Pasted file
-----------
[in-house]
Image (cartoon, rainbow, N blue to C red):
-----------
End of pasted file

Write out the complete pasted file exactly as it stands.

[in-house]
Image (cartoon, rainbow, N blue to C red):